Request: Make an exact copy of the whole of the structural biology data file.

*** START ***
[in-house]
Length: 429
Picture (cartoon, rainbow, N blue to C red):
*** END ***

[in-house]
Length: 429
Picture (cartoon, rainbow, N blue to C red):